Stephanie Nielson Shares Journey “from Victim to Thriver” at Devotional

Contributed By Marianne Holman Prescott, Church News staff writer

  • 21 October 2016

Stephanie Nielson speaks during a BYU–Idaho devotional on October 11.  Photo by Lana Strathearn.

Article Highlights

  • Stephanie Nielson spoke to thousands of BYU–Idaho students.
  • She relayed her experiences as a burn victim, including the pain and self-doubt.
  • The primary song “A Child’s Prayer” reminded her of her divine worth.

“Underneath all these bandages and medicines, … I had a nose and ears, eyes, and I could see, smell, hear, and, best of all, I had beautiful children and a husband who stood strong and immovable by my side defending me and encouraging me on.” —Stephanie Nielson

“Faith in God and in His Son, Jesus Christ, is absolutely essential for us to maintain a balanced outlook through times of trial and difficulty.”

That was the message of well-known blogger and burn survivor Stephanie Nielson to thousands of Brigham Young University–Idaho students during a devotional on October 11.

“I know what it feels like to look different, and sometimes it’s excruciatingly painful,” she said. “I know what it feels like to feel ugly and worthless. I know all too much about the endless nights of loneliness and frustration, the depressing and devastating feelings that cause despair, pain, and worthlessness. In contrast, I know what it feels like to be protected and loved.”

Sharing pieces of her recovery—both the miracles that occurred and some of the difficulty and pain—after a plane crash in 2008 left 80 percent of her body burned, Sister Nielson reminded listeners of the transformative power of the Atonement of Jesus Christ and the ability each person has to choose to be happy no matter their circumstances.

Recalling the time after she had been in a medically induced coma for months in the hospital, Sister Nielson shared the overwhelming despair she endured as she learned how to love herself and again fulfill her role as wife and mother.

“I’d lie in bed despondent and fearful thinking about my life before the accident,” she said. “Never in a million years did I imagine my life here. This was certainly not part of the plan. … Each morning I would wake up with a deep ache in my heart. I wanted to wipe away the accident and everything that went with it.”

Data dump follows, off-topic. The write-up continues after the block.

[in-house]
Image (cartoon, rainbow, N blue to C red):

One day her favorite Primary song—“A Child’s Prayer”—popped into her head and she began to sing. “Heavenly Father, are you really there? And do you hear and answer every child’s prayer? Some say that heaven is far away, but I feel it close around me as I pray.”

She continued with the second verse, “Pray, He is there. Speak, He is listening. You are His child. His love now surrounds you.”

Discouraged and in pain, Sister Nielson turned to her Heavenly Father in prayer, pleading with Him for understanding and assistance.

“I distinctly felt embraced by God’s love, and the sweet assurance washed over me that everything would be all right and I realized something,” she said. “This broken, sad woman was still me, and underneath all these bandages and medicines, I still had all my fingers and toes; I had a nose and ears, eyes, and I could see, smell, hear, and, best of all, I had beautiful children and a husband who stood strong and immovable by my side defending me and encouraging me on.”

Another important part of her healing came after she returned home from the hospital. Challenges came daily—especially in the simple tasks of the day.

“I had a choice; I could go from victim to survivor,” she said. “But I didn’t just want to be a survivor; I wanted to be a thriver. And I knew it was my choice, and I also firmly knew that the only way I could achieve happiness again was through my Savior, Jesus Christ.”

Although she missed the life she had before the crash, she knew that it was through faith in God and the Savior that she would be able to get through trial and difficulty.

“I made it through the weeks and months after the crash, and through every day since, because I have faith in something larger than myself—faith that God has a plan for me,” she said. “That belief is a source of inner strength that leads me to peace, comfort, and the courage to cope, even when I don’t really feel like coping.”

Over time, physical healing has taken place, but it is that decision to look to the Savior that brought happiness back into her life.

“Happiness was my choice, and with the Savior and lots of faith firmly planted in His Atonement, my life could and would be happy and fulfilling again,” she said. “We must rely on the Savior and His healing power. …

“I know my skin isn’t considered beautiful,” she said. “I know my face is different, and it took me a long time to accept and understand that. But now I look at how far I have come, and now when I look in the mirror I see a woman of faith, a woman of courage. I see a mother, a daughter, and a wife. In my scars, I see strength, I see hope, I see miracles, I see God.

“And I am learning to be proud of my scars.”